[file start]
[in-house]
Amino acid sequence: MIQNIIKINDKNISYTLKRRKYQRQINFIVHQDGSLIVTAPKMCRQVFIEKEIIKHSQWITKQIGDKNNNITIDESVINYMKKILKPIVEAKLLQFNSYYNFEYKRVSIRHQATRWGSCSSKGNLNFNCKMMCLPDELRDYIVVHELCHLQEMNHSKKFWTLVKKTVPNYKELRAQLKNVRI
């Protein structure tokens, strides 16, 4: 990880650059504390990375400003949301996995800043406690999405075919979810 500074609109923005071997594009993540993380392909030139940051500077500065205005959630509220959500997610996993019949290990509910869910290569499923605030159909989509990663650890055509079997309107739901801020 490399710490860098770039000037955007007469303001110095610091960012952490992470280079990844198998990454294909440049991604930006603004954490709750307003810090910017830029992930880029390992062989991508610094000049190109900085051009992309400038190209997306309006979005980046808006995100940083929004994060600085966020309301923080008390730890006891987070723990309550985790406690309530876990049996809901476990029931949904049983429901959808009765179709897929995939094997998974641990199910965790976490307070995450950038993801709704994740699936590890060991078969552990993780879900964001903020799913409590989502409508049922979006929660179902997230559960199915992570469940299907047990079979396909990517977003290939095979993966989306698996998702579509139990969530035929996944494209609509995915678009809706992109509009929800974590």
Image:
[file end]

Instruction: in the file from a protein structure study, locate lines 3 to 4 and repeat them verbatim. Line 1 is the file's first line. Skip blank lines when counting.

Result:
């Protein structure tokens, strides 16, 4: 990880650059504390990375400003949301996995800043406690999405075919979810 500074609109923005071997594009993540993380392909030139940051500077500065205005959630509220959500997610996993019949290990509910869910290569499923605030159909989509990663650890055509079997309107739901801020 490399710490860098770039000037955007007469303001110095610091960012952490992470280079990844198998990454294909440049991604930006603004954490709750307003810090910017830029992930880029390992062989991508610094000049190109900085051009992309400038190209997306309006979005980046808006995100940083929004994060600085966020309301923080008390730890006891987070723990309550985790406690309530876990049996809901476990029931949904049983429901959808009765179709897929995939094997998974641990199910965790976490307070995450950038993801709704994740699936590890060991078969552990993780879900964001903020799913409590989502409508049922979006929660179902997230559960199915992570469940299907047990079979396909990517977003290939095979993966989306698996998702579509139990969530035929996944494209609509995915678009809706992109509009929800974590």
Image: